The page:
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A closer look at a spreading fever

Gabriel BorrudDecember 30, 2015

Three countries have now authorized a vaccine for dengue fever, a potentially fatal mosquito-borne disease that is spreading well beyond its tropical breeding grounds. How dangerous is the disease? DW takes a look.

Image: Sanofi Pasteur/Institut Pasteur

With Mexico, the Philippines and now Brazil giving the green light to Dengvaxia, the first antidote to dengue fever ever released globally, the bandwagon has begun to roll. Regulators in all three countries authorized use of the vaccine this month, providing a nice Christmas present for French pharmaceuticals giant Sanofi, which said Dengvaxia could bring in revenues in excess of $1 billion (920,000 euros).

But business aside, the vaccine could potentially help a lot of people avert a quickly spreading viral threat.

According to the World Health Organization (WHO), over half the globe is now potentially at risk of contracting dengue fever, representing an exponential spike over the past half century when the disease was endemic in only a handful of tropical nations.

Infografik Denguefieber Verbreitung Weltweit Englisch
Each year, the virus spreads further from its original breeding grounds

Why is the disease spreading?

The only way to get dengue fever is by mosquito, and only species of the yellow fever mosquito (aedes aegypti) are capable of transmission. This mosquito is now found in many of the world's temperate zones, as far adrift from the tropics as China and the United States.

Epidemiological experts at the WHO attribute the general spread of the disease to increased global mobility, pinning down "globalization, urbanization, a warmer climate and jet travel" as the principal factors.

Also, the extreme resilience of the yellow fever mosquito has contributed to the prosperity of dengue fever. According to the US Centers for Disease Control and Prevention, populations of this type of mosquito can go months without water and their eggs are able to prevent desiccation or the process of drying up for over a year.

Once it has contracted dengue, the mosquito can infect humans for the rest of its life. The average life span of a yellow fever mosquito is between two and four weeks.

Moskito Tigermücke Überträger Denguefieber
The aedes aegypti has a knack for staying alive, regardless of its surroundingsImage: picture alliance/dpa/G. Amador

What are the symptoms?

Contraction of dengue fever in humans results in flu-like symptoms (nausea, headache and joint pain) that can be accompanied a burning sensation in the eyes. In some cases, a rash showing large white spots can occur.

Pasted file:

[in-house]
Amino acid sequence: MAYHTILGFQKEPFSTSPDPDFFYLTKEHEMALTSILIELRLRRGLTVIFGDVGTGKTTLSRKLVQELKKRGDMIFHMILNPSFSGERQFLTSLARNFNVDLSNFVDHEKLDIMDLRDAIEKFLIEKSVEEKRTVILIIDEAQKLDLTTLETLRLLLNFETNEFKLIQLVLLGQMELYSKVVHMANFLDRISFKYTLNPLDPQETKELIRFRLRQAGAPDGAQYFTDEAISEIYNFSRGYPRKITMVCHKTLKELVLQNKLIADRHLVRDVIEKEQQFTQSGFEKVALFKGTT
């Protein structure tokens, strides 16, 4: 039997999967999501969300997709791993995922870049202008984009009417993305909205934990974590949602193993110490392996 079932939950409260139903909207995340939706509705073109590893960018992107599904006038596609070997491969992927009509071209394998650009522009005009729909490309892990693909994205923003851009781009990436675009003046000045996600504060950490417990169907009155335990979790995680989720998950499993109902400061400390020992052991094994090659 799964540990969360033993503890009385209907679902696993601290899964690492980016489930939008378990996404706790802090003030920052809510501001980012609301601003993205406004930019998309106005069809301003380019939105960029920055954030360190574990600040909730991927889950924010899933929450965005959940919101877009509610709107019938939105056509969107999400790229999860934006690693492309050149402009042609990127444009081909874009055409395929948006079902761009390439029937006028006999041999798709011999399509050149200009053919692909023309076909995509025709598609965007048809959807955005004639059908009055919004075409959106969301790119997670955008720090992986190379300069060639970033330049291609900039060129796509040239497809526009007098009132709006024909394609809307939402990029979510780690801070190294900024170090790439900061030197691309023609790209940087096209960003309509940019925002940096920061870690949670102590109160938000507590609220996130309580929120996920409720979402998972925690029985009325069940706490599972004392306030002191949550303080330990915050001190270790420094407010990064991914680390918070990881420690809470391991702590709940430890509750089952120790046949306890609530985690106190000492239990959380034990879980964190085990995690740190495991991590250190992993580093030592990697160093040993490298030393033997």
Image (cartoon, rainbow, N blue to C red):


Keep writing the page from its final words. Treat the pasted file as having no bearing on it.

How deadly is the disease?

There are four different confirmed serotypes, with only one of those, the dengue hemorrhagic fever, being potentially fatal. The WHO says close to 400 million contractions are recorded each year, with around one fourth requiring medical attention. Of all the cases recorded in 2014, some 22,000 resulted in death, the organization said.

If the fever is contracted, can it be treated?

No. There is no antidote for dengue fever, and the symptoms cab take up to 10 days to subside. For the hemorrhagic strain, an intravenous infusion - and possibly blood transfusion - is required.

Indien Krankenhaus Fieber nach Flut
An outbreaks of dengue fever in India this autumn crippled the country's hospitalsImage: C. Khanna/AFP/Getty Images

Does the new vaccine work?

According to Sanofi, all four strains of the disease were prevented by the vaccine in 65 percent of all 40,000 participants, aged 9-45, in clinical trials over the past decade. For the fatal strain, the rate of successful vaccination was 93 percent.

However, the process requires three rounds of injections, and a hefty price tag. All in all, the vaccination will cost each person $448.

Until now, the only way to prevent dengue fever has been to avoid mosquito bites in risk areas. With those risk areas growing dramatically, Sanofi has said it wants to waste no time in supplying more of the world with the vaccine. Authorization requests for Europe are planned for next year, and the WHO said earlier this month that it would meet in April to discuss how to proceed with the vaccine.

At this point, the UN organization said there were no grounds to issue an official recommendation for its usage.